[llvm-dev] [RFC] Writing loop transformations on the right representation is more productive

Chris Lattner via llvm-dev llvm-dev at lists.llvm.org
Sun Jan 26 19:04:27 PST 2020

> On Jan 22, 2020, at 12:58 AM, Michael Kruse <llvmdev at meinersbur.de> wrote:
> Am Mi., 15. Jan. 2020 um 20:27 Uhr schrieb Chris Lattner <clattner at nondot.org <mailto:clattner at nondot.org>>:
>> One you achieve consensus on data structure, there is the question of what IR to use within it.  I would recommend starting with some combination of “existing LLVM IR operations + high level control flow representation”, e.g. parallel and affine loops.  The key here is that you need to always be able to lower in a simple and predictable way to LLVM IR (this is one of the things that classic polyhedral systems did sub optimally, making it difficult to reason about the cost model of various transformations), and this is a natural incremental starting point anyway.  Over time, more high level concepts can be gradually introduced.  FYI, MLIR already has a reasonable LLVM dialect <https://mlir.llvm.org/docs/Dialects/LLVM/> and can generate LLVM IR from it, so we’d just need an “LLVM IR -> MLIR LLVM dialect” conversion, which should be straightforward to build.
>> Adding a LLVM-IR -> MLIR -> LLVM-IR round-trip would at the beginning just introduce compile-time overhead and what Renato described as brittleness. I fear this hurts adaption.
> Isn’t this true of *any* higher level IR?  Unless I’m missing something big, this seems inherent to your proposal.
> No. A loop hierarchy may be created on-demand and can be skipped if, e.g., the function does not contain a loop.

I don’t see how this is specific to a loop IR.  Any “LLVMIR -> X -> LLVMIR” system has the behavior you describe, whether X is polly, mlir, or some other loop IR; any decision about skipping the round trip could be applied to any of them.

The advantage of MLIR in this discussion is that it has the opportunity to subsume LLVMIR at some point in the future, eliminating the round trip at that point.

> For IRs that are translation-unit based, the entire module will have to do a round-trip whether changed or not.

I think that this must be the misunderstanding.  There is no requirement to do a “Full LLVM IR module to MLIR module” conversion, you can convert one function, one loop nest, one basic block or whatever you else you’d want to do.

>> This is definitely subjective question. I think that MLIR is closer to LLVM-IR for how it is processed. Both have a sequence of passes running over a single source of truth. Both allow walking the entire structure from every instruction/operation/block. Analyses are on function or module level. Both have CFGs (I think for a certain kind of transformations it is an advantage that control flow is handled implicitly).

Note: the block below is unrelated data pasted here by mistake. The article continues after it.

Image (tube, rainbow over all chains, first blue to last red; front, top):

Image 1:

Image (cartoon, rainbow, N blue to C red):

> Right, but a frequent way that MLIR is used is without its CFG: most machine learning kernels use nests of loops and ifs, not CFGs.  CFGs are exposed when those are lowered out.  See some simple examples like:
> https://github.com/llvm/llvm-project/blob/master/mlir/test/Transforms/affine-data-copy.mlir <https://github.com/llvm/llvm-project/blob/master/mlir/test/Transforms/affine-data-copy.mlir>
> I agree that a loop nest can be represented in MLIR. What is missing IMHO is being able to have multiple versions of the same code. For instance, raising emitted C++ to such representation to make it more optimizable may only be possible under preconditions and by itself making the code slower. If the raised representation cannot be optimized, we will want to use the original one.

This is pretty straight-forward (in principle, I haven’t actually built a system to prove this), because you can just have an operation with regions for each version, e.g.:

for {
  versioned {
  } {
    other stuff

Then transform the code and select which version you want later.

MLIR doesn’t magically make the algorithms happen for you, but it does handle the representational issues, making it super flexible and easy to support things like this.

>> On the other side, natural loop detection on CFGs is quite mature (with a remaining issue of irreducible loops that might appear, but can also be eliminated again). As a plus, optimization does depend less on how the source code is written.
> Yep totally.  The question is whether you lose semantic information from lowering to a CFG and reconstructing back up.  This can affect you when you have higher level language semantics (e.g. Fortran parallel loops, openmp or other concurrency constructs etc).  This is where MLIR excels of course.
> Indeed it is easier to not lower these constructs, but not impossible (as shown in https://reviews.llvm.org/D69930 <https://reviews.llvm.org/D69930>). I think the relevant difference is that these constructs come with additional guarantees (e.g. Single-Entry-Single-Exit regions) and optimization hurdles (e.g. thread synchronization; where programmers do not expect the compiler to do a lot of things) compared to C++ loop constructs.

There is a dangerous implication in the way you phrased this, and while it may not have been intentional,  is something I think is important to point out.   The whole point of good IR design is to make certain things *easy*.  IR design rarely makes things “possible”, and so saying something is “not impossible” is a dangerous ground to stand on.

To reduce the point to absurdity, you could implement loop transformations on machine code: you can reconstruct a CFG, discover natural loops, raise the machine code to something like LLVM IR, etc.  The problem with this is that it is extremely cumbersome, fragile, and would lose the ability to use high level information that cannot be persisted in machine code.  The same thing is true about LLVM IR, just less absurdly so.


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